Home-grown, high-tech dentistry
What can you tell us about your background?
I grew up on a cattle ranch in Crawford, Nebraska, which is a small town in the very northwest corner of Nebraska. My family homesteaded this place somewhere around 1883. It’s amazing to think about the fact that no one else has owned this property prior to this — it even was part of the Louisiana Purchase! My sons are the sixth generation to have lived on the original homestead. After attending the University of Nebraska for undergraduate studies, I traveled south to dental school at the University of Oklahoma. It was a great place to study and an excellent clinical school. Upon graduation, my wife and I decided to move back to our hometown to raise our family, and in June of 1997, I joined my childhood dentist back home in Crawford Nebraska. I opened my first implant-only office in 2008 in Rapid City, South Dakota, and eventually moved with my family there full time in 2010. This is where I call home today.
Is your practice limited to implants?
Yes, my practice is limited to the placement and restoration of dental implants and has been since 2008.
Why did you decide to focus on implantology?
It took only a matter of months in private practice to realize that dentures, partials, and bridges were not the long-term solution. I could not see myself providing these services for the rest of my career when there were better solutions using dental implants.
How long have you been practicing, and what systems do you use?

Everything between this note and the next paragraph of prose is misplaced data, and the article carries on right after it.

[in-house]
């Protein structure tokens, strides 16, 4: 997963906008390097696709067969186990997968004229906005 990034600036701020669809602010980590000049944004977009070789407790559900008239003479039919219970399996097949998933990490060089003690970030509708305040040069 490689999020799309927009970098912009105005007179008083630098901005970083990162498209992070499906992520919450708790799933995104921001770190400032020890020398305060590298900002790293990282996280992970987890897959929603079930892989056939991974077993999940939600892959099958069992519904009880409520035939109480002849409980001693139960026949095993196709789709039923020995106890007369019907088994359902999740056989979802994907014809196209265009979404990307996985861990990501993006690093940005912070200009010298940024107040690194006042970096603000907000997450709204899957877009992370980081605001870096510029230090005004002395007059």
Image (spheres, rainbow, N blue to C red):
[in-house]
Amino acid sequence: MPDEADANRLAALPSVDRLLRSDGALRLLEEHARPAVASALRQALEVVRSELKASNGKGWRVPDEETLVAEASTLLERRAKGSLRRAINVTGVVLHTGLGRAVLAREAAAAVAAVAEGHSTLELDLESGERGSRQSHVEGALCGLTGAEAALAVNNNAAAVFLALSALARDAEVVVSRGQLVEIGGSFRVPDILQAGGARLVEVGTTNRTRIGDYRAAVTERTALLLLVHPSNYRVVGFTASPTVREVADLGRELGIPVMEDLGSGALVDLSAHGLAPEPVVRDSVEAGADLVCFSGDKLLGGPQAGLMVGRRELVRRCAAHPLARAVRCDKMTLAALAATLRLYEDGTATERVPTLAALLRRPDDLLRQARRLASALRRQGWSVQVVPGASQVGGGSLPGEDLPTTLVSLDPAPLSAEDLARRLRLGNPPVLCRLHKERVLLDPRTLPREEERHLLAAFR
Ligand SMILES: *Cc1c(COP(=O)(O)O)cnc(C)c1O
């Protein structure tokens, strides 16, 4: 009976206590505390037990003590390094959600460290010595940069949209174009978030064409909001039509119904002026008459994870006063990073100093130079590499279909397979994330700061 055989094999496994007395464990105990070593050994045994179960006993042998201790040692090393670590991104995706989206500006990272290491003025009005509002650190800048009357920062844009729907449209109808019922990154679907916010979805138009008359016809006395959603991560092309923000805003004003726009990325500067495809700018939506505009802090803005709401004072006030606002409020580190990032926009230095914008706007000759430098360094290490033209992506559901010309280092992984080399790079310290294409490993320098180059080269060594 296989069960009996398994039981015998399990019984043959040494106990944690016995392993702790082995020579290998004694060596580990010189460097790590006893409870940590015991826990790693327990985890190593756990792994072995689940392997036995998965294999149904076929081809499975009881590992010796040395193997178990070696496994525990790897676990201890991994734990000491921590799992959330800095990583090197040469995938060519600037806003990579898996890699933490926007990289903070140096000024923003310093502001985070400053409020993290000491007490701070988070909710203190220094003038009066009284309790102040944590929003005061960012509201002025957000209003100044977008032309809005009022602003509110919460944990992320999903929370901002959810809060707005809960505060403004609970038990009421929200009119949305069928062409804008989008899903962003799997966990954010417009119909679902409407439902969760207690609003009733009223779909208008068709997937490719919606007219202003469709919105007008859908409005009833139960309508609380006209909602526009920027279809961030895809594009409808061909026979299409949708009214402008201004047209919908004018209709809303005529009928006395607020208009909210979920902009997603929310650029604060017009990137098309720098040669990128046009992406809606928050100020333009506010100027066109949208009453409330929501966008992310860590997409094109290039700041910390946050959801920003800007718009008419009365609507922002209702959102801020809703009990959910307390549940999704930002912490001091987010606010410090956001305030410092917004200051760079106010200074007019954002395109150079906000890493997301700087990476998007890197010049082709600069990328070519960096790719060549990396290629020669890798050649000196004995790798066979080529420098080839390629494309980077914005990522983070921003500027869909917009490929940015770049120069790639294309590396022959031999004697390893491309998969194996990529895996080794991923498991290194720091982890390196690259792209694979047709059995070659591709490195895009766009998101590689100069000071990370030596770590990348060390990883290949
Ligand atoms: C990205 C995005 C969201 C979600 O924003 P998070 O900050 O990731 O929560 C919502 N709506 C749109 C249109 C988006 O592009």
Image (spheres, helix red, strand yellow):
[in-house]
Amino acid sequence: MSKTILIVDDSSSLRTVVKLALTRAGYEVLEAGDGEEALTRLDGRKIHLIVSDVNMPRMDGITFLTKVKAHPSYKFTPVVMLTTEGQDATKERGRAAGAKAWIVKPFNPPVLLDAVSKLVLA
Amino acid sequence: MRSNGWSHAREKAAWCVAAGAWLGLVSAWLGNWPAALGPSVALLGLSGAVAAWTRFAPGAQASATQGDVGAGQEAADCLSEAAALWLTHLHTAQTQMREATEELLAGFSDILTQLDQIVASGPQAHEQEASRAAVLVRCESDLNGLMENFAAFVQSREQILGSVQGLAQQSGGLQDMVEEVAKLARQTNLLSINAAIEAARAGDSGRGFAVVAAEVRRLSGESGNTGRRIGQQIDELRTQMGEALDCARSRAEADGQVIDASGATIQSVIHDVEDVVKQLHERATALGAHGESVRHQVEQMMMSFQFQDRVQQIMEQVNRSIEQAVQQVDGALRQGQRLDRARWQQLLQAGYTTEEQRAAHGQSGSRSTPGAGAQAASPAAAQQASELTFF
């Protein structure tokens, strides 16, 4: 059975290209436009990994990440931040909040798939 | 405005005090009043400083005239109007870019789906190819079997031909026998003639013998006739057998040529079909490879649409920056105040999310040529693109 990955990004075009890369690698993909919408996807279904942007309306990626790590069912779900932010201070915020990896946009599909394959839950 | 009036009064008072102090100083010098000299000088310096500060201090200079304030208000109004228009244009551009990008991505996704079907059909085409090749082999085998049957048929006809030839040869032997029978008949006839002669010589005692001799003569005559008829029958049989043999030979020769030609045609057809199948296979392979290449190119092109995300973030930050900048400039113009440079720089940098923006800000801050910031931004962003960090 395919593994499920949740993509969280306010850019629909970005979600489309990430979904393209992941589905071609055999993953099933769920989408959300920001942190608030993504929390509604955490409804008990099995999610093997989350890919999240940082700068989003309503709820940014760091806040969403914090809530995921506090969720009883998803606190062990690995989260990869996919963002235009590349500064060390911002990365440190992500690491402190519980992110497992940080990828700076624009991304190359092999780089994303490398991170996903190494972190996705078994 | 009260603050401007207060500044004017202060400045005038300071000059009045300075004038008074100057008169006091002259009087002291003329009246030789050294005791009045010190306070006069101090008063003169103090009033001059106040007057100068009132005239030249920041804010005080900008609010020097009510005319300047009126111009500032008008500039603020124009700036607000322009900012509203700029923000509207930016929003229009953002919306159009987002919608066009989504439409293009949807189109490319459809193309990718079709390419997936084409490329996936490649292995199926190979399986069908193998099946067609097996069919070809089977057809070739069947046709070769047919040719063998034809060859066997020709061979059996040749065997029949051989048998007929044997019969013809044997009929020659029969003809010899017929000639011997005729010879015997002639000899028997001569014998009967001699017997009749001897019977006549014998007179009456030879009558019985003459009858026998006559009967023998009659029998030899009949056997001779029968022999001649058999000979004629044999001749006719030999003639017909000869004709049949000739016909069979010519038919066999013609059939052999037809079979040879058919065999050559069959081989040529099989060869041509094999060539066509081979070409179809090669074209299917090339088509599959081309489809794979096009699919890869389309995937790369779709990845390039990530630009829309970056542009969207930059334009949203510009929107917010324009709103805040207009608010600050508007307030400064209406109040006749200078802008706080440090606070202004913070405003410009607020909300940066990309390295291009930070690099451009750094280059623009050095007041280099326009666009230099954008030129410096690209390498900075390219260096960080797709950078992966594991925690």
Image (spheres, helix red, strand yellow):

I began placing dental implants in 1998 after taking several courses throughout the country. It was very rewarding being the only dentist offering implants for over 100 miles. The first system I used was Sterngold/Sulzer, and I used it until I believe Zimmer Dental bought them sometime in the early 2000s. In 2007, I tried BioHorizons® dental implant systems and have been with them ever since.
What training have you undertaken?
As with anything you do as a young dentist, you have the success that drives you, but it’s the failures that motivate you to become better for you and your patients. I went through the Misch International Implant Institute™, becoming a fellow and then one of Dr. Misch’s first masters. I also completed the Medical College of Georgia AAID Maxi-Course in Atlanta, Georgia, and every dental implant course I could get my hands on. Through this process of implant education, I realized I wanted more prosthetics and comprehensive dental education, so I completed the curriculum at the Kois Center in Seattle, Washington, and ultimately became a Mentor at the Kois Center. It was this culmination of experience and education that inspired me to work on my credentials, becoming a Fellow, Master, and Diplomate in the International Congress of Oral Implantologists (ICOI), Fellow and Associate Fellow for the American Academy of Implant Dentistry (AAID), and ultimately a Diplomate in the American Board of Oral Implantology.
Who has inspired you?